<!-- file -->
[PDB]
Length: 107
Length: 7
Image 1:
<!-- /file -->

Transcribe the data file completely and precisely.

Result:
[PDB]
Length: 107
Length: 7
Image 1: